So, Plone is suddenly again a viable option for college dropouts starting their businesses! No need for system administration knowledge, how to setup Nginx in front of Plone, how to do proper backups, just a few command-line commands and your site is online!

And, our add-ons can now have demos. If you use Data.fs instead of PostgreSQL, the demo instance’s data will be recreated at least once per day, giving visitors an up-to-date demo instance, displaying what your Plone add-on does and how it looks.

Does this really works? Hell yeah it does! This blog has been running on Heroku since last week! And here’s a Plone 4.3 demo, a Plone 5 demo and a collective.cover demo. Wanna see in action?

Why doesn’t your add-on have a demo yet? Follow instructions on and showcase your add-on to the world!

Load overrides.zcml in

Today I was working on a project where we use overrides.zcml to easily override some default Plone behavior. All was working fine (in the browser, that is) until I started writing tests for our custom behavior.

First thing I noticed was that the overrides.zcml was not loaded in our test layer. “Doh, I need to load it manually with the loadZCML() method!” I thought to myself. Boy was I wrong :).

The problem with using loadZCML() is that it loads whatever ZCML you tell it to load in a “normal” way. So, obviously, you get conflict errors, since declarations in your overrides.zcml directly map declarations that they override. Hence I needed to find a way to tell to load my overrides.zcml in an “override” manner and not throw conflict errors.

After quite some research and asking around, I got a tip from JC Brand on the #plone IRC channel: use xmlconfig.includeOverrides(). This indeed got me the exact result I wanted.

Here’s a snippet for my future self and any other plonista struggling with the same problem that happen to stumble upon this blog:

from import PLONE_FIXTURE
from import PloneSandboxLayer
from plone.testing import z2
from zope.configuration import xmlconfig

class MyProductLayer(PloneSandboxLayer):

    defaultBases = (PLONE_FIXTURE,)

    def setUpZope(self, app, configurationContext):
        import my.product
        xmlconfig.includeOverrides(configurationContext, 'overrides.zcml', package=my.product)
        z2.installProduct(app, 'my.product')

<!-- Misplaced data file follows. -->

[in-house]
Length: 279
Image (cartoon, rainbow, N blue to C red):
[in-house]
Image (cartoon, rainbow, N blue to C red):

Dexterity vs. Archetypes

TL;DR: migrating your Archetypes content to Dexterity shrinks your Data.fs considerably!

I’ve started looking into migrating Archetypes content in one of the sites we’re running to Dexterity. But before I started coding I wanted to make sure that the juice is worth the squeeze.

The site contains roughly 130k content objects. Most of them are default Plone File type, with a few additional string fields (added with archetypes.schemaextender) and a custom workflow. Nothing fancy, just your standard integration project. New content is imported into the site in batches of ~10k items every now and then with the help of the awesome collective.transmogrifier.

To test how Dexterity compares to Archetypes for our use-case I first created a new Dexterity type that matched the feature-set of the Archetypes type. Then I created a fresh instance, used Transmogrifier to import 13k items (10% of our production data) and ran some numbers.

Results are pretty amazing. With Archetypes, an import of 13k items into a fresh Plone 4.2 site took 61 minutes and the resulting Data.fs had 144 MB (details). With Dexterity, the same import took only 18 minutes and the resulting Data.fs had 64 MB (details). That’s a whopping 70% decrease in import time and a 55% decrease in Data.fs size!

More than enough to be a valid reason to invest in rewriting our types and write that migration script.

Raspberry PI boot to browser

Here at NiteoWeb, we use various SaaS monitoring and logging providers such as Librato Metrics and Papertrail to keep on top of our Plone and Pyramid projects. Hence the need to have a wall-mounted screen to display various graphs and outputs these services. What better way to drive the screen than a Raspberry Pi!

Getting the Raspberry Pi to boot into X and connect to the net was fairly trivial, just follow the official docs. However, getting the Pi to boot directly into a browser (also called “kiosk” mode) required some research. This is how I’ve done it in the end:

  1. Disable screen sleep — so the screen stays on
    $ sudo nano /etc/lightdm/lightdm.conf
    # add the following lines to the [SeatDefaults] section
    # don’t sleep the screen
    xserver-command=X -s 0 dpms
  2. Hide cursor on inactivity
    $ sudo apt-get install unclutter
  3. Configure LXDE to start the Midori browser on login
    $ sudo nano /etc/xdg/lxsession/LXDE/autostart 
    # comment everything and add the following lines
    @xset s off
    @xset -dpms
    @xset s noblank
    @midori -e Fullscreen -a

That’s it! Reboot and you are done!